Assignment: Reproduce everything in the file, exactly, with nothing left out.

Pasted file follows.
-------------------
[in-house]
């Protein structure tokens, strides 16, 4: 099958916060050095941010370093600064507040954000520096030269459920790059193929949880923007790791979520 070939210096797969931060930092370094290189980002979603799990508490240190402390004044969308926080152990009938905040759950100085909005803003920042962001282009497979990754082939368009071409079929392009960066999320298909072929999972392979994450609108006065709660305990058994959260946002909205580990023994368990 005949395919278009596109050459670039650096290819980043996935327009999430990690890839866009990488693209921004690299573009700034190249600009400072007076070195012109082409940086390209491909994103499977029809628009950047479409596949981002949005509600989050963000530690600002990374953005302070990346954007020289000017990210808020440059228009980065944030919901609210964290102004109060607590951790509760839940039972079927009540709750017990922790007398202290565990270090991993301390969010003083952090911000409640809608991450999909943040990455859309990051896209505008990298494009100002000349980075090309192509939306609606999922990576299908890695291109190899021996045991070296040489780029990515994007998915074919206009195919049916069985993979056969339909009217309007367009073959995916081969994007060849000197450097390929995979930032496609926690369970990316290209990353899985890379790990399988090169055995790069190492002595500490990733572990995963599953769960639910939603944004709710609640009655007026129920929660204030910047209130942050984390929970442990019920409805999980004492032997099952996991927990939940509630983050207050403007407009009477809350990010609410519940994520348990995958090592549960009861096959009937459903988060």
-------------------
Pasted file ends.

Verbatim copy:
[in-house]
């Protein structure tokens, strides 16, 4: 099958916060050095941010370093600064507040954000520096030269459920790059193929949880923007790791979520 070939210096797969931060930092370094290189980002979603799990508490240190402390004044969308926080152990009938905040759950100085909005803003920042962001282009497979990754082939368009071409079929392009960066999320298909072929999972392979994450609108006065709660305990058994959260946002909205580990023994368990 005949395919278009596109050459670039650096290819980043996935327009999430990690890839866009990488693209921004690299573009700034190249600009400072007076070195012109082409940086390209491909994103499977029809628009950047479409596949981002949005509600989050963000530690600002990374953005302070990346954007020289000017990210808020440059228009980065944030919901609210964290102004109060607590951790509760839940039972079927009540709750017990922790007398202290565990270090991993301390969010003083952090911000409640809608991450999909943040990455859309990051896209505008990298494009100002000349980075090309192509939306609606999922990576299908890695291109190899021996045991070296040489780029990515994007998915074919206009195919049916069985993979056969339909009217309007367009073959995916081969994007060849000197450097390929995979930032496609926690369970990316290209990353899985890379790990399988090169055995790069190492002595500490990733572990995963599953769960639910939603944004709710609640009655007026129920929660204030910047209130942050984390929970442990019920409805999980004492032997099952996991927990939940509630983050207050403007407009009477809350990010609410519940994520348990995958090592549960009861096959009937459903988060």